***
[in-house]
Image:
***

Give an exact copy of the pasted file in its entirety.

[in-house]
Image: